> are constantly retrieving stock quotes.  Meanwhile, the stock feed
> processor is writing into the same table.  So while the update is
> happening, everyone gets locked out.

> I am looking for a way to increase the concurrency on the system.  For
> example, if a quote is being updated, I'd like the user to get old data,
> rather than have to wait for the update to finish.  Unfortunately there
> doesn't seem to be a way to do this in Sybase/MS-SQL.  I have tried
> using dirty reads, with limited success (comes back quickly, but
> sometimes doesn't return data).

Sounds like you're doing indirect updates. That is, delete followed by
insert instead of update. Review the rules for direct .vs. indirect and
see if you can make the update program do direct updates. Then dirty
reads
should work for you.

Quote:

> Does anyone have a suggestion on how to resolve this problem?  Do other
> database vendors (relational or object) handle this situation more
> gracefully?  Would row-level locking on Oracle or some other database
> make a huge difference?

If your update program is doing a mass updates instead of one row at a
time you
might try coding it to do table locks instead of page locks - assuming
you have
the source for the update program. That should make each update happen
faster.
Other queries at normal isolation levels will block until the exclusive
table
lock is granted and the update occurs though, so it may or may not help.
Have
to test and find out. In general, I usually get better throughput when
mass
updates are happening if I use table locks, but some individual queries
may
take longer.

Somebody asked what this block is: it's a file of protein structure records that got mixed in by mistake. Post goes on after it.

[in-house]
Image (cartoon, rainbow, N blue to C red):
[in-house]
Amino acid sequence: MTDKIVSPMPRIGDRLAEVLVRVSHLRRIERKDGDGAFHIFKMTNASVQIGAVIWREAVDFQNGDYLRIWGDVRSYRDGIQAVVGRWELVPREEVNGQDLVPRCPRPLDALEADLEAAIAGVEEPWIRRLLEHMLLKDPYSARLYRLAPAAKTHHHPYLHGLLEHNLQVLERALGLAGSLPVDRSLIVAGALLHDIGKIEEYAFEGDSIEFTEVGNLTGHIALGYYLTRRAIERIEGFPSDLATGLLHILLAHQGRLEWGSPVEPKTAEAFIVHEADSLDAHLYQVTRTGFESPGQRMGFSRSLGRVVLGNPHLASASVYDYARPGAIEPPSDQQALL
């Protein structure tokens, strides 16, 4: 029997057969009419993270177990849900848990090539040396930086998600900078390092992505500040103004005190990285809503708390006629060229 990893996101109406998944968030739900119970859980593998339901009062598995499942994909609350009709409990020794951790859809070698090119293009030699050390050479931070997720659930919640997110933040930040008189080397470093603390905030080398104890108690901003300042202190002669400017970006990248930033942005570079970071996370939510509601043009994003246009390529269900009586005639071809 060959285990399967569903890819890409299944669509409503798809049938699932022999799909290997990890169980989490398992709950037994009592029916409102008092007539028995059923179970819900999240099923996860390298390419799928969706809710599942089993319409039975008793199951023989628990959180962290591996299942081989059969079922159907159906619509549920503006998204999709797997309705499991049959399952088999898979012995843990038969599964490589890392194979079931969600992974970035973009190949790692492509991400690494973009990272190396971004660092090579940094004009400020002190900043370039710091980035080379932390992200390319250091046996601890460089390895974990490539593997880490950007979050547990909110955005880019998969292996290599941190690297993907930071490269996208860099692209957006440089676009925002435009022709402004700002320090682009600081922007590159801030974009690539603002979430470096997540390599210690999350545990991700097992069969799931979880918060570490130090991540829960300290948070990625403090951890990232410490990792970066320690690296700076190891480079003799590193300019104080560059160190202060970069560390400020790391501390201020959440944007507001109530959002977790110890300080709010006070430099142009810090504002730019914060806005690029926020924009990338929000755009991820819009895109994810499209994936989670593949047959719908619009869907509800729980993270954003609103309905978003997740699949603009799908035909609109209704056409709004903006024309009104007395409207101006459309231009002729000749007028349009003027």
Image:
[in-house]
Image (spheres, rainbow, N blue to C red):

______________________________________________________________________________
David Bratton
University of Houston System                    THE BILL OF RIGHTS

 
 
 

Concurrency/reader-writer problem

Post by David Lance Wol » Sat, 12 Jul 1997 04:00:00



> We are running an OLTP (multiple readers, one writer) environment with
> Microsoft SQL server.  I was hoping to get some suggestions on how we
> can increase concurrency on the database.

> The database is being used as a repository for stock quote data.  Users
> are constantly retrieving stock quotes.  Meanwhile, the stock feed
> processor is writing into the same table.  So while the update is
> happening, everyone gets locked out.

> I am looking for a way to increase the concurrency on the system.  For
> example, if a quote is being updated, I'd like the user to get old data,
> rather than have to wait for the update to finish.  Unfortunately there
> doesn't seem to be a way to do this in Sybase/MS-SQL.  I have tried
> using dirty reads, with limited success (comes back quickly, but
> sometimes doesn't return data).

> Does anyone have a suggestion on how to resolve this problem?  Do other
> database vendors (relational or object) handle this situation more
> gracefully?  Would row-level locking on Oracle or some other database
> make a huge difference?

> I'd appreciate any advice.

> Boris Burtin
> The Daily Rocket Company

>     ---------------------------------------------------------------

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>                            Encoding: 7bit
>                         Description: Card for Burtin, Boris

If you have a unique index on the table, you could try having the
readers running at Transaction Isolation Level 0, which allows for dirty
reads, i.e. reads of uncommitted data.

Dave Wolf
Sybase Professional Services

.

 
 
 

Concurrency/reader-writer problem

Post by Michael Welcom » Sat, 12 Jul 1997 04:00:00


Dear Boris,

I have some ideas that you may consider.  First, It should be possible
to update data in a table without locking every one else out.  If this
is happening it may be becase you are updaing a field that affects